I am creating a client server app to stream images contiguously to work like a video streaming application.

The client app is having a timer which ticks for every 300 ms to send request to the server and the server replies with the image.

The implementation works ok , but after some time ( ~ after 5 minutes or more ) both the apps get freeze without any error messages (but very very rarely i get a message saying out of system resource )

This was even worse before (freezes after ~ 15 seconds ) but i changed the idtcpserver1.terminatewaittime to 10 (from 5000 defalt) now it happens after 5 minutes.

I can't understand why the error is happening but i am quite sure it is not good to use timer based request.

can i convert the tcpserver into unreliable connectionless protocol to make it faster and reduce the request stress.

But i don't want to use UDP as it can't detect corruption error (But i don't need correction , i only want to know is there any error(to ignore the whole image))

procedure server.IdTCPServer1Execute(AContext: TIdContext);
LLine := AContext.Connection.IOHandler.ReadLn();
AContext.Connection.IOHandler.Write(ast, 0, true);

procedure client.timertick(Sender: TObject);
LLine := TMemoryStream.Create;
IdTCPClient1.IOHandler.ReadStream(LLine, -1, false);

only source code relevant to Indy are given others are withheld

=============== updated After Remy Lebeau - TeamB and Arnaud Bouchez Answers ==========

Thanks the freezing is caused because of inaccessibly of image in certain situations. The tools mentioned by them helped me to track down the problem

But still the main problem is not solved

can i convert the tcpserver into unreliable connectionless protocol to make it faster and reduce the request stress.

  • What is the memory like in the process manager for the two apps? – Graymatter Nov 25 '11 at 11:47
  • The memory status is not bad when freezed, as same as when running (6,000 kb) but process usage dropped to 0 % – VibeeshanRC Nov 25 '11 at 11:56
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    Isn't TCP by definition not connection-less? – jpfollenius Nov 25 '11 at 16:21

The timertick code you have shown as memory leaks. You are not freeing the TMemoryStream that you create, which in turn leaks any memory that the stream allocates internally.

The TerminateWaitTimeout property has no effect on the runtime behavior of connections. It is only used when shutting down the server, to specify how long the server waits for active connections to terminate.

TCP is not well-suited to streaming media, and using a command/response to grab images is inharently slow. At least get rid of the commands in between frames and just send the frames whenever they are available. TCP can handle that. Most audio/video streaming apps are based on UDP to avoid unnecessary overhead that TCP uses, however.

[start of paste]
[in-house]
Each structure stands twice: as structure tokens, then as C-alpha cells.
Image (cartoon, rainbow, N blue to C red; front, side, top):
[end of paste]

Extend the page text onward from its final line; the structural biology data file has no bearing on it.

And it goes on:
You have a resource leak.

Perhaps you are not freeing your network resources, or an GDI resource.

  • First is to run ProcessExplorer then look at how many handle your application is creating, and how many connections are created;
  • Then launch FastMM4 in memory leak detection mode;
  • If your resources are not mapped with Delphi classes, try to find in your code how they are allocated / released (using Find IDE command with API call names);
  • It may be related to a threading issue - perhaps some kind of race condition - try to lock your shared resources;
  • Use a logging mechanism to trace what is happening in your process, especially about all Indy classes;
  • See other hints in this StackOverflow answer.

What is interesting with UDP is that you can broadcast your stream to multiple targets at once. Potential packets loss is balanced by decreased bandwidth use, in case of client number increase. Worth looking into that direction if you need local broadcast with limited resource use (but will be more complicated over the Internet).

  • No , I use FastMM4 and i took much care about memory management ; see my comment below my question – VibeeshanRC Nov 25 '11 at 13:20
  • +1 for "It may be related to a threading issue - perhaps some kind of race condition - try to lock your shared resources;" – VibeeshanRC Nov 25 '11 at 13:20
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    @vibeeshanRC Did you run it in memory-leak detection mode? You can have a very small global memory leak, not worth noting using process explorer (some KB), but which induces some Windows handle not to be released, so will raise your error. If you are sure that you have NO memory leak, most of the Indy classes may be released properly, so may be the corresponding Windows resources. Only problem would be if instances are released at once at shutdown (e.g. a whole list), whereas it should be at runtime, when a connection is finished. – Arnaud Bouchez Nov 25 '11 at 16:10
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    IMHO adding a logging function to your program, including exact exception trace (like the one linked above), may be a good solution to let some light on your problem. – Arnaud Bouchez Nov 25 '11 at 16:11

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